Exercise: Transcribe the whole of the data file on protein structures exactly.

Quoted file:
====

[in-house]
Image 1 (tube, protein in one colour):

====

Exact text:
[in-house]
Image 1 (tube, protein in one colour):